What started as a 100-day challenge for Lorene Edwards Forkner (West Seattle artist, gardener, author and long time friend-of-Click!) has become a daily practice that's still going over three years later.
Her exercise of translating the colors found in nature into watercolors has a soothing, meditative quality and her Instagram-ready images have transitioned beautifully to the printed page for her new book Seeing Color In and Out of the Garden. More than a picture book, nature lovers and artists of all levels can use this guide to complete their own color studies with Lorene's shared techniques in painting, gardening and observation.
We're hosting a book release and signing event Sunday May 1 from 10a – 2p. Stop in during the West Seattle Farmer's Market to pick up your copy and chat color and gardens with Lorene.
How would you describe your book?
Color In and Out of the Garden is a memoir in plants and color. It’s about looking out and looking in. My #seeingcolorinthegarden practice began in 2018, shortly after the death of my father when I wanted to participate in an online creativity challenge but I had precious little to give. As I write in the book:
“The garden is a relatively gentle proving ground for encountering love (and no small measure of lust) along with heartbreak, loss, death, and plenty of tedium—excellent training for navigating life and grief. …The practice was transformative. I learned that nature is a balm. Love and loss are inextricable. And nothing really ends.”
The book contains a collection of color studies and observations presented in a spectrum of colors exploring attention (red), energy (orange), memory (yellow), growth (green), vulnerability and tenderness (blue), and a call to always choose love (violet).
What drew you to this style of work?
Years ago I heard natural dye artist Sasha Duerr talk about extracting pigments from botanicals as a means of documenting time and place. Later I came across the work of landscape artist Mimi Robinson who creates color studies as a starting point for identifying a landscape. In both instances, I was inspired by place, season, even a particular moment being distilled down into simple color swatches.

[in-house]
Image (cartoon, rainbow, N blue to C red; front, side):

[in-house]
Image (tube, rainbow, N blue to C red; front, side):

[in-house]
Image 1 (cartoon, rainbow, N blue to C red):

Can you tell us about your favorite part of the book?
I loved creating the color studies, the making aspect. But at the end of the day, I’m a writer. Collecting observations and short essays to accompany each color study is what makes this work deeply personal.
What’s the best piece of advice you’ve been given?
Mary Oliver wrote:
“Instructions for living a life:
Tell about it.”
Where is your favorite place to write and do work?
The vast majority of my color studies are based on plants growing in my garden here in West Seattle. When forced to go indoors, my studio and my home office are where this practice plays out each day. #westsidebestside!
If you could collaborate with anyone (living or not), who would it be and why?
My work is pretty solitary, but I love introducing the practice to others and having them pick up a brush, a camera, or whatever medium, to document what they see. I’ve led hands-on workshops, talked to a class of landscape architecture students, or lectured to a group of flower farmers and floral designers. I’ve also painted alongside friends of all ages—children are natural at this. Watching someone successfully capture a color is thrilling, it never gets old.
Is there one thing you wish you could tell people when they read your book?
My hope is that readers will be inspired to look closely with great heart at the world around them. Befriending our attention introduces an expansive generosity.